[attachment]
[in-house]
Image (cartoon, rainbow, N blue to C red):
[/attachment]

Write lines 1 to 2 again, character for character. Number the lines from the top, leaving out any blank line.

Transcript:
[in-house]
Image (cartoon, rainbow, N blue to C red):